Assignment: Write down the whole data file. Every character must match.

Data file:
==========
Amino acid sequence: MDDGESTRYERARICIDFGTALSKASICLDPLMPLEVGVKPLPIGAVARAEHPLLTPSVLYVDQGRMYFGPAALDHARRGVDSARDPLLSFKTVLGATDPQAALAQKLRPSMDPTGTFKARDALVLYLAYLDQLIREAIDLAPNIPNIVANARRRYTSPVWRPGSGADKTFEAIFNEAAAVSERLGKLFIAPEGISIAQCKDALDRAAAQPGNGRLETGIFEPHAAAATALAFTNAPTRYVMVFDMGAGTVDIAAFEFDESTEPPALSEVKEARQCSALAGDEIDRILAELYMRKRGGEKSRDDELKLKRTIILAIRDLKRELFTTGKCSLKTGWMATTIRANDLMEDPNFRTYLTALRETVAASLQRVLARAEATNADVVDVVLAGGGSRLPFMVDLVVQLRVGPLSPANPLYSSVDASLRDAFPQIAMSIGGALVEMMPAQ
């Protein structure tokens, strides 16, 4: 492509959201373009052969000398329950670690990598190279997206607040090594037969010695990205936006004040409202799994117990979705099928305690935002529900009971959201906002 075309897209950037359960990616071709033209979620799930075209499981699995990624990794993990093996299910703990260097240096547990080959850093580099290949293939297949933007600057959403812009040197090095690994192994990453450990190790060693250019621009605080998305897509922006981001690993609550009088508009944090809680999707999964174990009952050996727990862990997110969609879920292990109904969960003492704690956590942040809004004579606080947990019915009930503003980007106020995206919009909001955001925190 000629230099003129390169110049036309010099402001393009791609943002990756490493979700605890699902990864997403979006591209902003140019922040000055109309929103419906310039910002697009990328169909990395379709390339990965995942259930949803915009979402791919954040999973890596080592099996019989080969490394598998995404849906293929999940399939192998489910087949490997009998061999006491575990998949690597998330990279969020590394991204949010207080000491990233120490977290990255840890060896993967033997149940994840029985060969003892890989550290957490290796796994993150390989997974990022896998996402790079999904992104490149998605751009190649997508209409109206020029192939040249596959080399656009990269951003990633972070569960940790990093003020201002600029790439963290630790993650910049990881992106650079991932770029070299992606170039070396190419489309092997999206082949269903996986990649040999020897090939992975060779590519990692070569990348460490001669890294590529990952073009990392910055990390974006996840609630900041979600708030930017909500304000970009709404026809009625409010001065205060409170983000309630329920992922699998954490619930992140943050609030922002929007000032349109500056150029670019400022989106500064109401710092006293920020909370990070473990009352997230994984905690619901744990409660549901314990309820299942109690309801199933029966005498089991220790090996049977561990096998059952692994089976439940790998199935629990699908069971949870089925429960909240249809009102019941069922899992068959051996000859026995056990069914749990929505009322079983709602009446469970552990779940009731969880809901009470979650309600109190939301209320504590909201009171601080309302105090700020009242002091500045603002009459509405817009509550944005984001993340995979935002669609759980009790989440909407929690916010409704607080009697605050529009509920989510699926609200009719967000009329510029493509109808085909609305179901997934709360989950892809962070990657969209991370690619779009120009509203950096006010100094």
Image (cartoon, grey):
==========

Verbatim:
Amino acid sequence: MDDGESTRYERARICIDFGTALSKASICLDPLMPLEVGVKPLPIGAVARAEHPLLTPSVLYVDQGRMYFGPAALDHARRGVDSARDPLLSFKTVLGATDPQAALAQKLRPSMDPTGTFKARDALVLYLAYLDQLIREAIDLAPNIPNIVANARRRYTSPVWRPGSGADKTFEAIFNEAAAVSERLGKLFIAPEGISIAQCKDALDRAAAQPGNGRLETGIFEPHAAAATALAFTNAPTRYVMVFDMGAGTVDIAAFEFDESTEPPALSEVKEARQCSALAGDEIDRILAELYMRKRGGEKSRDDELKLKRTIILAIRDLKRELFTTGKCSLKTGWMATTIRANDLMEDPNFRTYLTALRETVAASLQRVLARAEATNADVVDVVLAGGGSRLPFMVDLVVQLRVGPLSPANPLYSSVDASLRDAFPQIAMSIGGALVEMMPAQ
């Protein structure tokens, strides 16, 4: 492509959201373009052969000398329950670690990598190279997206607040090594037969010695990205936006004040409202799994117990979705099928305690935002529900009971959201906002 075309897209950037359960990616071709033209979620799930075209499981699995990624990794993990093996299910703990260097240096547990080959850093580099290949293939297949933007600057959403812009040197090095690994192994990453450990190790060693250019621009605080998305897509922006981001690993609550009088508009944090809680999707999964174990009952050996727990862990997110969609879920292990109904969960003492704690956590942040809004004579606080947990019915009930503003980007106020995206919009909001955001925190 000629230099003129390169110049036309010099402001393009791609943002990756490493979700605890699902990864997403979006591209902003140019922040000055109309929103419906310039910002697009990328169909990395379709390339990965995942259930949803915009979402791919954040999973890596080592099996019989080969490394598998995404849906293929999940399939192998489910087949490997009998061999006491575990998949690597998330990279969020590394991204949010207080000491990233120490977290990255840890060896993967033997149940994840029985060969003892890989550290957490290796796994993150390989997974990022896998996402790079999904992104490149998605751009190649997508209409109206020029192939040249596959080399656009990269951003990633972070569960940790990093003020201002600029790439963290630790993650910049990881992106650079991932770029070299992606170039070396190419489309092997999206082949269903996986990649040999020897090939992975060779590519990692070569990348460490001669890294590529990952073009990392910055990390974006996840609630900041979600708030930017909500304000970009709404026809009625409010001065205060409170983000309630329920992922699998954490619930992140943050609030922002929007000032349109500056150029670019400022989106500064109401710092006293920020909370990070473990009352997230994984905690619901744990409660549901314990309820299942109690309801199933029966005498089991220790090996049977561990096998059952692994089976439940790998199935629990699908069971949870089925429960909240249809009102019941069922899992068959051996000859026995056990069914749990929505009322079983709602009446469970552990779940009731969880809901009470979650309600109190939301209320504590909201009171601080309302105090700020009242002091500045603002009459509405817009509550944005984001993340995979935002669609759980009790989440909407929690916010409704607080009697605050529009509920989510699926609200009719967000009329510029493509109808085909609305179901997934709360989950892809962070990657969209991370690619779009120009509203950096006010100094």
Image (cartoon, grey):